Golan Druze town of Majdal Shams to be cordoned off as infections mount

Health Ministry says coronavirus morbidity has been at high ‘red’ end of official scale for 5 days; officials fret that illegal weddings are prime cause of spread in Arab community

Illustrative: A woman stands next to a makeshift checkpoint in the Druze village of Majdal Shams in the Golan Heights on April 9, 2020. (Jalaa Marey/AFP)
Illustrative: A woman stands next to a makeshift checkpoint in the Druze village of Majdal Shams in the Golan Heights on April 9, 2020. (JALAA MAREY / AFP)

Ministers voted late Sunday to impose a five-day closure in the northern Druze town of Majdal Shams, which has seen virus cases jump in recent days.

The so-called coronavirus cabinet decided the measure will go into effect on Monday evening at 6 p.m. and last through Saturday evening. In addition to a closure of almost all businesses, entry and exit from the town will be restricted.

The town of some 11,000 residents on the slopes of Mount Hermon in the Golan Heights has seen 42 new cases in the last week, giving it the highest per capita infection rate in the country, according to Health Ministry figures released Monday.

The citywide lockdown is the first since Israel lifted hot zone restrictions from all areas except for one Jerusalem neighborhood, as part of the so-called traffic light plan in which areas are graded by morbidity rates and assigned a color-coded designation. Under the plan, red zones, with the highest infection rates, are to be locked down and activities there heavily restricted.

“This is in accordance with the morbidity data in the locality, because for five days the locality passed a score of 8 in the traffic light index, and in order to deal with the increasing morbidity data,” the Health Ministry said in a statement Monday.

The town has had 270 confirmed cases since the outbreak began, of which 65 cases are currently active. Nationwide there are 13,911 active cases out of over 310,000 since the outbreak began.

National coronavirus czar Ronni Gamzu recommended the closure of Majdal Shams, warning the cabinet of a renewed spike in infections in Arab towns and pointing to illegal mass weddings as a major concern.

Screen capture from video of the Majdal Sham Mayor Dolan Abu-Salah. (Channel 12)

Such events are often attended by hundreds of people with no regard for social distancing or other Health Ministry orders to prevent the virus spread, and were seen as a major driver of soaring infection rates among Arab towns last month. Infection rates in Arab areas dropped sharply once city officials and others cracked down on weddings.

Majdal Shams Mayor Dolan Abu-Salah told Channel 12 news Sunday that the city was already in the process of getting the lockdown lifted.

“Majdal Shams has undergone a very, very, serious process regarding gaining control over the morbidity,” he said.

At the Sunday coronavirus cabinet meeting Gamzu said infection rates were down among the ultra-Orthodox and up in Arab communities, but testing rates had dropped among both.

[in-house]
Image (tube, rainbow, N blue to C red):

Coronavirus czar Prof. Ronni Gamzu seen during a visit at the Jerusalem Municipality on October 13, 2020. (Yonatan Sindel/Flash90)

“There are probably dozens of weddings a day in the Arab community. Sakhnin and Umm al-Fahm are in danger of becoming ‘red’ cities,” Gamzu said, referring to hotspots, according to the Kan public broadcaster.

Municipal leaders in Arab Israeli towns claim that they have already used up all of their financial resources and that without any funds from the government they will not be able to confront the virus outbreak.

Mayor of Umm al-Fahm Samir Mahamid, whose Haifa district Arab Israeli city has also seen infection rates go up, said, “The matter of weddings really is worrying and I hope that it won’t come back.”

“We are again seeing a small rise in the number of patients,” Mahamid told Channel 12. “Without budgeting and resources the municipality can’t deal with the weddings or help with enforcement. In order to prevent weddings the state needs to mobilize.”

Also considered a red zone and still under increased lockdown restrictions is the ultra-Orthodox Jewish neighborhood of Ramat Shlomo in Jerusalem.

Police guard at a temporary checkpoint in the entrance to the neighborhood of Ramat Shlomo in Jerusalem, in order to prevent the spread of the coronavirus, on October 18, 2020. (Yonatan Sindel/Flash90)

The Sunday coronavirus cabinet meeting also voted to further ease national lockdown restrictions by reopening schools for grades 1-4. An easing of restrictions on businesses is also set to be considered.

Schools have been closed since September 18, when a nationwide lockdown came into force to drive down infection rates, though preschools and daycares were permitted to reopen last week. The reopening of the school system on September 1 has been blamed for a huge spike in virus cases several weeks later.

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